Farmers urged to embrace guinea pig farming
Farmers in Lugari Sub County have been urged to increase income from livestock production by venturing into production of indigenous guinea pig popularly known as Kanyuru to the locals.
Speaking to www.westfm.co.ke on his farm at Manyonyi village in Marakusi sub location Mr. Robert Wanda, a livestock farmer, observed that large section of farmers had ignored guinea pig farming without evaluating their cumulative value.
Besides keeping common domestic animals and birds including cattle, sheep and chickens on his farm, Wanda has also extensively ventured into keeping of indigenous guinea pigs, which he says boosted his income from livestock production.
“Livestock farmers in this region are yet to discover the salient economic and nutritional values attached to this type of animals,” said Wanda, adding a well matured guinea pig can fetch up about Kshs.500 or more going by current market prices.
One matured guinea pig can produce between ¾ and 1kilogram of meat, according to the livestock farmer.
“The meat is as sweet as that of the other types of animal,” adds Wanda.
Noting that guinea pig rearing required little input and multiplied quickly, Mr. Wanda advised area residents to embrace the activity for quick income generation saying it was a very lucrative venture that is economical in land use yet so profitable.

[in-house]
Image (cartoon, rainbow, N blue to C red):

Mr. Wanda revealed that a healthy pregnant female guinea pig can sire up to four young ones in a single delivery.
“Female pigs give birth on monthly basis, and the good thing is that if it delivers it takes about one or two hours for it to get on heat and can sire 12 times in a year” revealed Wanda.
“The cost of keeping this type of domestic pets is low since they feed on any type of food available, kitchen leftovers, grass, banana leaves, dried maize stalks, papers name them,” said Wanda.
Mr. Wanda who revealed was attracted into keeping the animals after witnessing his friend from Matunda in the neighboring Likuyani sub county earn Ksh. 10,000 weekly from supplying guinea pigs in the Kitale museum, says he has been able to meet fees for his school going children just by selling the animals.
“There is a ready market for matured guinea pigs, in fact there are several hotels in Eldoret that had requested me to be supplying them with about 50 – 100 guinea pigs weekly but alone I can’t raise that number” says Wanda.